Unexpectedly, phenotypic examinations in mice carrying a gene trap that disrupts the HP1γ gene, initially generated for experiments that did not seek to necessarily shed light into reproductive biology, demonstrated that alterations in this chromatin protein result in azoospermia [8]. However, there is a paucity of data on how this protein is regulated to support the development and maturation of the sperm lineage. Recent studies in our laboratory have demonstrated in somatic cells that HP1γ phosphorylation at Ser83 is catalyzed by Aurora A [10], a kinase that plays a significant role in supporting proliferation throughout development [17]. Thus, to begin filling this important knowledge gap, we initially studied the localization specifically of the Ser83-phosphorylated form of HP1γ in mouse testis sections using immunohistochemistry. Notably, we found that P-Ser83-HP1γ localizes most strongly within cells along the basement membrane of seminiferous tubules, where mitotic spermatogonia and pre-leptotene spermatocytes reside (Fig. 1a). In order to determine whether P-Ser83-HP1γ could be detected in later stages of spermatogenesis, we performed higher resolution imaging on mature sperm by electron microscopy, which revealed that this phosphorylated subpopulation of HP1γ is stored primarily in the centriole and mid-piece region at the base of the sperm nucleus (Fig. 1b and c). This localization was further confirmed by immunofluorescence, which clearly showed that the signal for phosphorylated HP1γ was not localized within the sperm nuclei, as shown by DAPI counterstain, but rather coincided with the mid-piece (Fig. 1d). In addition, P-Ser83-HP1γ colocalized with Centrin-2, a structural component of the centrosome, which is located within the sperm mid-piece (Fig. 1e). This localization of P-Ser83-HP1γ is congruent with the fact that the kinase responsible for this modification, namely Aurora A, has also been shown to be localized to centrioles [18].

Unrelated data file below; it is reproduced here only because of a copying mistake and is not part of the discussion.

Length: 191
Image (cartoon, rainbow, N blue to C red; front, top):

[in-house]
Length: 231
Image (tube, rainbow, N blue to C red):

Fig. 1